On Saturday, I went to a Tastefully Simple party. I placed an ordered for product then left shortly after to go home. When I pulled into my driveway I look at the receipt realizing Rachel didn't charge me enough. I turned around went back to my friends house to let her know. She was gratefully I was honest and told her about the mistake.

As I was proctoring undergraduate research this week, I realized that any student could simply circle random answers to the survey in order to finish the survey as quickly as possible and leave class.  If any of the students chose to do so, they were unethical by not displaying integrity and authenticity; they were also being immoral by not taking the few minutes to honestly and sincerely answer the survey questions.

 Currently at work, there have been many job eliminations and reorganization.  As this is going on, it makes everyone nervous, wondering if their job will be cut and not wanting to see their coworkers leave.  When jobs are eliminated, I wonder about the ethics of my company.  Is it ethical to eliminate someone’s job even if they were a great employee, but were put in circumstances that were out of their control?  Even though I may not know all the information surrounding decisions made, it is important to analyze the ethics behind each situation to understand how it affects the company as a whole.  It seems that in corporate America, emphasis will always lie on the shareholders versus individual employees.

Recently I have struggled with managing the relationship with my swimmers, in particular the men's team. The men's team suffers from lack of leadership and therefore lacks ethical and respectful decision making skills. This weekend JCU hosted 5 teams for an invitational swim meet. Not only did the men show poor sportsmanship but stole swim suits, sweatshirts, shoes, etc from the other teams. Our head coach required each item to be returned before the men could leave for the weekend. It took them 1 hour to admit to the stealing and return the other team's belongings.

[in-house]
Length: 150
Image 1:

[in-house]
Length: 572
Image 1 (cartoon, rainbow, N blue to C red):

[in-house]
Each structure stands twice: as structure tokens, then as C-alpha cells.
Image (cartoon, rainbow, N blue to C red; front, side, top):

Today my friend told me that he was going to take a sick day tomorrow at work.  He said that he is going to tell his boss that he is sick in the morning.  The unethical part of this is that he is actually out of town visiting his girlfriend and does not want to drive back home today.  It would be ethical if he had taken a personal day with advanced notice and given the honest reason for why he was missing work, but instead he is lying to his work so that they do not give him a hard time or think of him as unreliable in the future.  Any way you look at it, he is being unethical by doing this.  

Just getting back from my business travel to Chicago for a tradeshow, a slight ethical issue that I have when I travel is using my expense account responsibly. Some people in the company cut corners and try to take the less expensive methods of transportation such as the less expensive flights, least expensive hotel, park at the "park and ride" and take trains instead of taxis. Other people use one airline no matter what the difference in price for points, choose a preferred hotel for points, park at the airport, and take taxis everywhere. The second approach is not wrong, but it can be careless and self serving. Traveling for work can be taxing and therefore I try to make it as comfortable as possible, but it may be smart to try and be conscious of lower cost options.

Last night at work I found a valuable looking ring on the ground. I picked it up and asked the guests if it was theirs, it was not. I then had the dilemma of a) keeping the ring and selling it to a pawn shop or b) turn it to the lost and found in hopes of the original owner calling to claim it. I chose to turn it in and not demonstrate "finders keepers, losers weepers"

Summary of Ethical Challenges

Job induced - 8
Unearned benefit  - 4
Integrity - 3
Professional / Friend boundary - 2
Steal? - 2
Client related - 1
Plagiarism - 1
Stereotypes - 1
Help others? - 1

As we can see, ethical challenges are prevelant at our jobs. Our class has also encountered many challeges dealing with unearned benefits.